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New Abortion Bill Receives Mixed Reactions

Taiu Kunimoto |
September 5, 2013 | 12:14 p.m. PDT

Staff Reporter

Are non-physicians qualified to perform abortions? (Image: Flickr)
Are non-physicians qualified to perform abortions? (Image: Flickr)
Pro-life activists are condemning California's newly passed AB 154, a bill that the State Senate passed on Monday.

The new policy now permits non-physician workers such as nurses, mid-wives, and physician assistants to perform abortion during the first trimester of pregnancy.

The legislation proposed by Toni Atikins, Assembly Majority Leader, attempts to facilitate women’s access to abortion through broadening their choice options.

If Governor Jerry Brown’s signature finalizes the bill, women will not only be able to receive abortion from a physician, but also from non-physicians in California through either medical or aspiration techniques.

“All women should have timely access to reproductive healthcare regardless of whether they live in urban or rural areas and without excessive expense or travel,” said Atkins in his press release. “AB 154 will help fill the gap created by the fact that over half of California’s counties lack an abortion provider.”

Despite the bill’s well-meaning intentions, Live Action, a pro-life organization that contests abortion, slammed the Senate’s decision, expressing dissatisfaction in its press release the following day.

“The pro-abortion lobby are committing violence against weak and defenseless pre-born children, and ignoring commonsense protections for women in some of their most vulnerable moments” said Lila Rose, President of Live Action. “How many more times will my home state carry water for this unregulated industry, which makes its money off the vulnerable moments of women and by murdering pre-born children?” 

Despite AB 154’s sponsorship from California Women’s Health Alliances, the medical personnel outside of California raised safety concerns based on the bill's loosening of abortion restrictions.  

“Aspiration is a complicated surgical procedure,” said Dr. Shawnequa Brown, a gynecologist from Waverly Women's Healthcare. "Even with training, a mid-level provider may not be able to handle the additional level of care that may be required in cases of complications resulting from the abortion."

According to Dr. Brown, many unexpected and spontaneous factors may arise during the course of an abortion that may put the patient in a dangerous position.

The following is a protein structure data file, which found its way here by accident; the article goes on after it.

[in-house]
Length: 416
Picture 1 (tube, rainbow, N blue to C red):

“There are many risks associated with abortion, such as uterine perforation, hemorrhage and infection,” Brown explained. “Even with trainings, I don’t think mid-levels are prepared to handle the additional procedures that are required in case of the emergencies.”

At USC, students remain skeptical of AB 154 due to uncertainty regarding its safety.

USC Students for Life, a pro-life organization at the University of Southern California, raises similar concerns regarding the consequences of the bill. The student-run organization believes that the bill generates revenue for a immoral course of action without providing any real benefits. 

“While this bill makes it less safe for a woman to get an abortion, the truth is, abortion can never be made safe even if it is performed by the best, most competent physician” said Lisa Gavit, President of USC Students for Life.

“Somebody dies in every abortion,” she continued. “While billion-dollar budget organizations will benefit from this bill, women will not benefit and their children most certainly will not either.

Not only has the bill sparked complaints from pro-life groups, it has also caused uneasiness among the pro-choice advocates.

Cree Lee, a senior majoring in Health and Humanities at USC, expressed her own concerns towards the bill even as a pro-choice advocate.

“Although I believe [abortion] has to be a choice, I am unsure about non-physician conducting it” said Lee. “Abortion procedure has to be safe and hygienic, but with nurses…I don’t know.”

Teen pregnancy has been a serious social problem in the U.S. for the past decades, yet live birth rate of women aged 15-19 years reached a record low according to a 2011 study conducted by Centers for Disease Control and Prevention.

The study proposes that one of the reasons that may have contributed to the decline is the increased use of contraception by teenagers.

Although there are still various concerns surrounding the bill, AB 154 will now return to the State Assembly for finalization and will arrive at the Governor’s desk in upcoming weeks to be signed for formal approval 

 Reach Staff Reporter Taiu Kunimoto here and follow him on Twitter. 



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